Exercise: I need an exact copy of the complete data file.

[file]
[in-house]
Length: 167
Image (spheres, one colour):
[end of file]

[in-house]
Length: 167
Image (spheres, one colour):